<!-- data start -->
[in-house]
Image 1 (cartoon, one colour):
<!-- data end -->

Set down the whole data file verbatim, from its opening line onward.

[in-house]
Image 1 (cartoon, one colour):